We have entered a new Digital Age where the rapid expansion and implementation of technological innovation has become a key factor in the behavior of the economy and capital markets. This new era is marked by the transition from “atoms” to “bits,” resulting in a capital-light economy in which technology is being substituted for labor and physical assets. Fueling this transformation is data, an imperative resource and what we have labeled as the “new oil.” We have written extensively on this topic and the implications for business and investors in the years to come.
“What is your business strategy in the digital age?” has become one of our favorite questions to ask management teams.
If a company cannot provide a convincing response, we believe it will likely flounder and ultimately disappear.
– William Priest, Executive Chairman, Co-CIO and Portfolio Manager
|Insight – February 11, 2021||White Paper – January 22, 2021|
|Moore’s Law & the Race for the Rest of the Chessboard||Will Biden Take On the Tech Barons?|
|Both sides of the political spectrum are pushing for regulatory action of Big Tech. We explain why tech will continue to be the most dynamic sector of the economy, and why we expect greater breadth in tech market leadership.||The Cambrian explosion of exciting breakthroughs in AI, autonomous driving, 5G, and cloud computing will drive double-digit growth in semiconductor revenues for the foreseeable future. We have a constructive view on the semiconductor sector and believe it possesses considerable upside.|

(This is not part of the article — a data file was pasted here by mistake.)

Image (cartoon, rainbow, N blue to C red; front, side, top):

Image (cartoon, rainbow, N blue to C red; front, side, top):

|White Paper – August 19, 2020||White Paper – January 31, 2018|
|The Pandemic Accelerant: Digital Age Business Strategies||When “Bits” Meet “Atoms”|
|The last six months have been profoundly transformational, with the COVID shock acting as an accelerant for the digitization of the economy.||The Digital Age and the transition from “atoms” to “bits” implies a capital-light economy in which technology is being substituted for labor and physical assets. Its impact is widespread and stretches beyond the technology sector.|
|White Paper – June 19, 2019||White Paper – August 10, 2017|
|Blitzscale and Hope: Unicorns, IPOs And The Fear of Repeating the Late 1990s||Tech is the New Macro – Part II: Implications For Labor Markets And Productivity|
|The current hype about two-sided digital platforms, blitzscaling and winner-takes-most markets has fueled a surge in IPO listings and produced stratospheric valuations that are difficult to reconcile with free-cash-flow (FCF) fundamentals.||
The rapid expansion and implementation of technological innovation has become a key factor in the behavior of the economy and capital markets. In this paper we explore how platforms and their network effects have resulted in a winner-takes-all market.
|Insight – December 10, 2018||White Paper – June 29, 2017|
|Trump, Tech and Trade||Tech is the New Macro – Part I: Impacting All Three Components of Return on Equity|
|China’s mercantilist behavior, underscored by its “Made in China 2025 initiative,” is in conflict with U.S. demands for greater IP protection, a level playing field and improved market access. Left unresolved, free trade and globalization will be in retreat.||The rapid expansion and implementation of technological innovation has become a key factor in the behavior of the economy and capital markets.|
|Insight – September 13, 2018|
|Is e-Commerce a Bubble?|
|While the e-Commerce index as a whole appears frothy, many companies in the sector do possess sound and promising business models. For investors, the key to success is understanding how these business models should be valued.|